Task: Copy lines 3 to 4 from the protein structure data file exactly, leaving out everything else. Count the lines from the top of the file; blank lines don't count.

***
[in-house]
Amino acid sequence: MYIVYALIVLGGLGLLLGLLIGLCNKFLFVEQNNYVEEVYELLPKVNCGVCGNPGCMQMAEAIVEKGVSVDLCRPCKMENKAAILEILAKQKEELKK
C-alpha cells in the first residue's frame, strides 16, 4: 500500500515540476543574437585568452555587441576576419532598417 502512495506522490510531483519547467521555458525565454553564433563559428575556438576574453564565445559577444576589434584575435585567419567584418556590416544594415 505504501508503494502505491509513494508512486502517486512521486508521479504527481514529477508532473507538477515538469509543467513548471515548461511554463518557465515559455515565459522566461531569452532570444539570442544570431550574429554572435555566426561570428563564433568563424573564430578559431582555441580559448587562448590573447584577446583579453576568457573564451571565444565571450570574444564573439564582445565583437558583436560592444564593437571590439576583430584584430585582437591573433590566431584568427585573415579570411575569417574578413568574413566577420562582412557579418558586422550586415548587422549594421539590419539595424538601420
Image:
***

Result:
C-alpha cells in the first residue's frame, strides 16, 4: 500500500515540476543574437585568452555587441576576419532598417 502512495506522490510531483519547467521555458525565454553564433563559428575556438576574453564565445559577444576589434584575435585567419567584418556590416544594415 505504501508503494502505491509513494508512486502517486512521486508521479504527481514529477508532473507538477515538469509543467513548471515548461511554463518557465515559455515565459522566461531569452532570444539570442544570431550574429554572435555566426561570428563564433568563424573564430578559431582555441580559448587562448590573447584577446583579453576568457573564451571565444565571450570574444564573439564582445565583437558583436560592444564593437571590439576583430584584430585582437591573433590566431584568427585573415579570411575569417574578413568574413566577420562582412557579418558586422550586415548587422549594421539590419539595424538601420
Image: